There is nothing natural about a disaster. There are natural events, occurring with unnatural frequency and severity, and there are risks associated with and determined by our levels of preparedness. In other words, disasters occur when we are unprepared for the events that cause them. Beginning in 2005, the United Nations, through its International Strategy for Disaster Reduction, coordinated a series of high-level meetings with UN member states, NGOs, and other stakeholders to create a comprehensive framework with achievable targets. The latest version of this instrument is known as the Sendai Framework for Disaster Risk Reduction, and is meant to serve alongside the Sustainable Development Goals from 2015–2030.
To help promote a more systematic approach to reducing them, the UN General Assembly also established 13 October as the International Day for Disaster Risk Reduction. Each year the day focuses on and advocates for a different theme. This year, the official day is calling for “international cooperation for developing countries to reduce their disaster risk and disaster losses.” This theme addresses the sixth of the seven Sendai targets that the global community agreed to in 2015 as a way to urgently reduce disaster risks—at the local, national and international levels—and ultimately to prevent deaths and injuries, and to protect livelihoods, ecosystems and properties from devastation.
As the Sendai agreements are a voluntary arrangement, their implementation is entirely dependent on the ambition of national governments. In Ukraine, the process for achieving the 17 Sustainable Development Goals and implementing the seven targets of the Sendai Framework is codified in a presidential proclamation, reflected in numerous acts of parliament and is in part exemplified by the country’s regional integration commitments under the Association Agreement with the European Union.
Ukraine is currently drafting a national strategy for environmental security and climate change adaptation, developed under the leadership of the Ministry of Environmental Protection with the involvement of academia, civil society and the private sector. The draft strategy outlines the pathway to a better adaptation to climate change, starting from a climate vulnerability and risk analysis for economy sectors and environment components, alongside integration of adaptation efforts to the relevant policies and strategies. It is being submitted to the Cabinet of Ministers this month, in October 2021, and will be supplemented with an action plan, designed with the European Union’s and UNDP’s support, outlining major steps to be undertaken for climate change adaptation in the country by 2024. One of the main elements of this strategy is to combat the high risk of desertification in vast parts of the country.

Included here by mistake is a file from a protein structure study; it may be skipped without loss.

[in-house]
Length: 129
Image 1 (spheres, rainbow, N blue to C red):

Already, some southern regions of Ukraine are experiencing water shortages, while in the west there is increasingly intense flooding. Interestingly, the overall national average rainfall has been consistent, but with droughts in some areas, and deluges in others. In addition, the nature of precipitation has changed from widespread seasonal rains to sporadic, localized downpours.
Climate change is widely believed to be the cause for the growing intensity of floods, rising temperatures, higher frequencies of extremely hot days during the year, and the expansion of the areas affected by drought and desertification. Facing these new realities, Ukraine and indeed the world are endeavouring to reduce greenhouse gas emissions to mitigate the warming, while coming up with strategies to adapt to the changing and often unpredictable climate.
Ukraine faces exceptionally high risks of being negatively impacted by the climate crisis. Many of its ‘traveling’ river channels are prone to landslides, wildfires were burning in the Chernobyl Exclusion Zone and much of its land in the east is pockmarked with unexploded ordnance and explosives from the ongoing conflict.
Aside from being one of the most mine-contaminated regions globally, eastern Ukraine also is subject to widespread industrial risks from numerous derelict facilities from what was one of the busiest mining and heavy industry centers in the Soviet Union. Somewhat similar risks are seen in the west, where petrochemical and extractives clusters, mine tailings, and a flooded potassium quarry threaten the Carpathian mountains’ otherwise pristine landscapes. Many people in the region are understandably concerned by the excessive erosion along some of the riverbanks in the Limnytsia river, a tributary to the transboundary Dniester, and by the chaotic growth of vegetation that is clogging streams and altering currents. In June 2020, for example, this region was hit by a devastating flood that caused the deaths of five people and damaged infrastructure valued at more than UAH 3 billion (US$105 million).